I also want to talk about the technical advisor on this film. One of the greats, one of the top 50 NBA players of all time,  Earl “The Pearl” Monroe. Every time we were filming a basketball sequence, Earl “The Pearl” was sitting right next to me. And we had this scene in the film where Jesus discovers that his father didn’t name him after the biblical Jesus. He was named after Earl “The Pearl” Monroe, whose nickname in the Philly schoolyard was Black Jesus.

SLAM: The “Black Toe” Air Jordan XIII was released in ’97 and ultimately got tabbed the “He Got Game” XIIIs after being popularized by the film. What about this particular silhouette made it the feature sneaker for the movie?

SPIKE: It was very intentional. It started with my first film. What did Mars wear? What did Buggin’ Out wear in “Do the Right Thing” What did Radio Raheem wear? When you grow up in New York, that’s just part of the culture. 

So I told Michael Jordan we needed to have some for the film. And then I told Denzel, too. Denzel rocked those. I know they call them the “He Got Games,” but a lot of people call them the “Denzel Washingtons,” too. I love the line in the movie when Denzel is in the sneaker store, and they see the ankle monitor.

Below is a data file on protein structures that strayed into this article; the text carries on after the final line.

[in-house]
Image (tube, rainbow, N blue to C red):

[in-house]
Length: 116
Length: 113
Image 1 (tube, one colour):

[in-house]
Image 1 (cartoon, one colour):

SLAM: How did you decide on Public Enemy for the soundtrack?

SPIKE: While I was writing the script, I was listening to the classical music of Aaron Copland. He’s one of the great, great, great composers, and I knew I wanted to use select pieces he had written for various scenes in the film. Then I went back to Chuck D and Flavor Flav. I’ve always loved that song, “For What It’s Worth,” by Stephen Stills. And I wanted to use parts of that.

Then we did the music video, well, the short film. Michael Jackson told me, Spike, don’t ever use the phrase “music video.” Anyway, we did the short film. We got Stephen Stills to come back and be a part of the song. Everything came together on that one, and that’s very rare. I’m a professor at NYU, and I tell my students all the time, It’s hard to make a horrible film, let alone a decent one. Because there are so many elements, but it came together on that one.

SLAM: There’s a scene with Jesus on the couch watching TV and Shaq, Dick Vitale and John Thompson are praising his game. Above the TV is a SLAM Magazine cover with Jesus on it. At this time, SLAM had only been around for about four years. What went into this decision?